Introduction: Thyroglobulin (Tg) measurement is the cornerstone in the follow-up of DTC. Sensitivity can be optimised by measuring recombinant TSH stimulated Tg (rhTSH-Tg). Higher sensitivity results in more Tg positive patients who need imaging and considerable patient burden. We assessed the impact of rhTSH-Tg measurement on health related quality of life (HRQOL).
Methods: In 121 patients in follow-up for DTC, Tg during thyroid hormone suppression therapy (Tg-on) and rhTSH-Tg were measured with a sensitive Tg assay. Patients with rhTSH -Tg≥1.0 ng/ml (Tg+ patients) underwent imaging. Anxiety items of the Hospital Anxiety and Depression scale, the General Health Questionnaire (psychological distress) and cancer worries (CW) were completed at baseline and after being informed about rhTSH-Tg result. Additionally, Tg+ patients completed these questionnaires after being informed about imaging results and disease status. Non-parametric statistic tests were used.
Results: RhTSH-Tg measurement resulted in 101 Tg− and 20 Tg+ patients. Imaging showed recurrence in 3/19 Tg+ patients. Two of these three patients could have been identified solely by Tg-on. In 16/19, Tg+ patients imaging was negative. For Tg+ patients, anxiety, psychological distress and CW significantly increased after being informed about Tg result. Only CW remained increased after being informed about disease status. For Tg− patients, anxiety decreased after being informed about rhTSH-Tg result, no other changes were found.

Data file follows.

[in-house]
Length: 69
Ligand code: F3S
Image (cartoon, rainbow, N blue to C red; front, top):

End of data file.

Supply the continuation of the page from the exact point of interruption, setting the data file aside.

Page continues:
Conclusion: Notification of positive rhTSH-Tg has a negative effect on HRQOL and increment of CW persists despite of negative imaging. The limited clinical benefit and adverse effects on HRQOL of rhTSH-Tg measurement questions the use of this test in the follow-up of DTC. Tg-on measurement with a sensitive Tg assay may represent a useful diagnostic tool, preventing needless patient burden.